REVIEW: An Honest Liar

Hot Docs 2014

2 mins read

An Honest Liar
USA, 91 min.
Directed by Justin Weinstein, Tyler Measom
Programme: World Showcase (International Premiere)

What makes an honest liar, this documentary says, is the difference between using deception to conceal the truth—or reveal the truth. An Honest Liar takes the perspective of renowned magician James “The Amazing” Randi to reveal that it is much easier to convince people of what they want to believe than it is to convince them of what is factually correct. This film by Justin Weinstein and Tyler Measom is an absorbing account that shows the cards lying within the sleeves of some master tricksters as Randi explains how to expose certain aspects of hocus pocus as malarkey. Randi remains a firm advocate for the escapist enchantment of magic, though, and An Honest Liar deftly draws the line between entertainment and exploitation.

Randi joins a cast of fellow magicians and collaborators from his past as An Honest Liar details how he harnessed his own passion for magic into exposing those who abused the power of the imagination for a confidence game. He tells how he spotted the mark of shady healers, sinful preachers, and false prophets. Some of his tactics are compelling, while others—including an elaborate infiltration of a university study on psychic powers—receive understandable charges of unethical practice. Alternatively, the film remains objective by framing Randi’s story within the elaborate deception that marks his own life and consequently shows the innate fallibility that lies within each human being.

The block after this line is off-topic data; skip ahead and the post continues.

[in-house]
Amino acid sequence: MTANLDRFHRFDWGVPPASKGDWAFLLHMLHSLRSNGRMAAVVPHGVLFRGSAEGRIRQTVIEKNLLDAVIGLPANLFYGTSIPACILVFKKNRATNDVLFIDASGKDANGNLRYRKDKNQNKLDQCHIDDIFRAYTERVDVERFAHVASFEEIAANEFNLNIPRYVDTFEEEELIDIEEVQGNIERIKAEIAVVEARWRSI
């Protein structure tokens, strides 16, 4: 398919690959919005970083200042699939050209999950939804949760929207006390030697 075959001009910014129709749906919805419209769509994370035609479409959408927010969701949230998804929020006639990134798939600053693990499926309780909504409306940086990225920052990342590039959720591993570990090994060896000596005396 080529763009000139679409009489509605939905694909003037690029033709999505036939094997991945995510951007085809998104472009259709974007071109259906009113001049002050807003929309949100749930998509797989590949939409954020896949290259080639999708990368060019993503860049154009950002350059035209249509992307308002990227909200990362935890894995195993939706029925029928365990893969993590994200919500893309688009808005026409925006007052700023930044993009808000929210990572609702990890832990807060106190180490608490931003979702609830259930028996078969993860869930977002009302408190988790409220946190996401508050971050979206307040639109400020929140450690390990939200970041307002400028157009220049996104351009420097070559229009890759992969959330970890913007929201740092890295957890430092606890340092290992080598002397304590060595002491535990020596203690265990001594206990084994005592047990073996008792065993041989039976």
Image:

An Honest Liar weaves these accounts with an expert flair for captivating storytelling. The film feels like an enchanting magic act with its web of lies, cheats, and reveals. An Honest Liar leaves one doubting the power of so-called-mystics, but it successfully conjures the magic of movies.


Hart House Theatre
Wed, April 30, 9:15 PM

TIFF Bell Lightbox
Thurs, May 1, 7:00 PM

TIFF Bell Lightbox
Sat, May 3, 6:30 PM


Pat Mullen is the publisher of POV Magazine. He holds a Master’s in Film Studies from Carleton University where his research focused on adaptation and Canadian cinema. Pat has also contributed to outlets including The Canadian Encyclopedia, Paste, That Shelf, Sharp, Xtra, and Complex. He is the vice president of the Toronto Film Critics Association and an international voter for the Golden Globe Awards.

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